The Case Against Using Your Personal Email for Business

Rieva Lesonsky

Rieva Lesonsky

Contributor at Fundera
Rieva Lesonsky is a small business contributor for Fundera and CEO of GrowBiz Media, a media company. She has spent 30+ years covering, consulting and speaking to small businesses owners and entrepreneurs.
Rieva Lesonsky

Do you use an email address from a free email provider—like AOL, Yahoo, Gmail, or your Internet provider—for business purposes? 

If so, you could be delivering the wrong message about your small business every time you hit “Send.”

Sure, using a free email service is easy, convenient, and free. You’ve probably already have one or more free email addresses set up for personal use. So what’s the big deal about using them for business?

Here are some important reasons not to use that personal email for business:

1. It doesn’t look professional.

Recently, I asked a contact of mine for a referral to a financial advisor. She gave me a person’s name, praised him to the skies—and then gave me his Hotmail email address.

Immediately, I was filled with doubt. How up-to-date could this advisor be if he was using an email address from 1998?

Perhaps he’s equally behind the times on investment advice, I thought.

I eventually contacted him—and was pleasantly surprised that he was quite knowledgeable and professional. However, that outdated free email address came very close to costing him a customer.

2. It can make it harder for your emails to get past spam filters.

Spammers typically use free email services to send their messages, so if you’re doing the same, you’re increasing the risk your emails will never get to their intended recipients. Worse, you could get flagged as a spammer if this happens too often!

3. It does nothing to promote your brand identity.

You might argue that there’s a big difference between sending business email from a AOL address and an address like Comcast.com.

That’s true… But only up to a point.

Every time you send an email from a domain-based business email address—for example, Susan@YourBusiness.com—you’re promoting your business’s brand.

If you send your business emails from a free email service, even a “current” one such as Gmail, you’re ignoring one of the best ways to build name recognition for your business.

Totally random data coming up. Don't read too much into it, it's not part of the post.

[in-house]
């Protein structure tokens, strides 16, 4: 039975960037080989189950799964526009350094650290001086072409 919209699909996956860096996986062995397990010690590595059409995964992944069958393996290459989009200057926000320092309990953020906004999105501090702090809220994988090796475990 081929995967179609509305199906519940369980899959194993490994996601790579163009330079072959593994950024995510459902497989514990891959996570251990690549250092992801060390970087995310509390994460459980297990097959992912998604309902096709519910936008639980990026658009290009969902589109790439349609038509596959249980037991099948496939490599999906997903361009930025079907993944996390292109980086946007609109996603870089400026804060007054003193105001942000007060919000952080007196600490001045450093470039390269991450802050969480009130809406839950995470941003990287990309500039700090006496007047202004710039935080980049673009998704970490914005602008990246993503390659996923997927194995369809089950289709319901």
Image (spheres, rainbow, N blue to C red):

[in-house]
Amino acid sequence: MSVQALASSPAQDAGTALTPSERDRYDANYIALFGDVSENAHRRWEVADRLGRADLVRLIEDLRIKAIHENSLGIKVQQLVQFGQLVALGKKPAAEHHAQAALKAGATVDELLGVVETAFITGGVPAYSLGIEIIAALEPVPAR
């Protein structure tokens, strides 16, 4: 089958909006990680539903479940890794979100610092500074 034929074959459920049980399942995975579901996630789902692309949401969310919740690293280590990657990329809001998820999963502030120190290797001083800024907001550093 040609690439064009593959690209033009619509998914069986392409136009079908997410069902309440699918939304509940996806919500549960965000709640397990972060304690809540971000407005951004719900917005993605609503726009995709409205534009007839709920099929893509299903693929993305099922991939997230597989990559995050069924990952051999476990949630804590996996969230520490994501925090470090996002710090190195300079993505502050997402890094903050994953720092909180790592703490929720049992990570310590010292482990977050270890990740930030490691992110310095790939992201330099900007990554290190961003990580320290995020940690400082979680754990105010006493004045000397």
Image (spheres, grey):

4. It could keep you from getting the financing you need.

Bankers, investors, and other financing sources are likely to look askance at a businessperson who doesn’t have a registered business email.

Let’s face it: these people are busy, so they quickly form opinions of you based on first impressions. If you’re too cheap to set up a domain-based business email address, they’re going to think you’re…

  • An amateur. (See Point 1 above.)
  • Not planning for growth. (Are your future employees going to have AOL email addresses too?) Financing sources are looking for growth-oriented businesses—that’s how they make their money.
  • Unwilling to invest in your business. If you’re too cheap to spend the minimal amount required for a registered business email address, why should they lend you money or invest in your company?

***

There’s no excuse for not getting a domain-based business email address of your own. When you register your business domain name, the same provider can typically set up professional email for you at minimal cost.

Think of it as a small investment in your business that can pay actual dividends, even though it seems so minor.

Editorial Note: Any opinions, analyses, reviews or recommendations expressed in this article are those of the author’s alone, and have not been reviewed, approved, or otherwise endorsed by any of these entities.
Rieva Lesonsky

Rieva Lesonsky

Contributor at Fundera
Rieva Lesonsky is a small business contributor for Fundera and CEO of GrowBiz Media, a media company. She has spent 30+ years covering, consulting and speaking to small businesses owners and entrepreneurs.
Rieva Lesonsky

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